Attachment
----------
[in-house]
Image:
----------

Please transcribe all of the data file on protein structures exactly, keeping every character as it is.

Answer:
[in-house]
Image: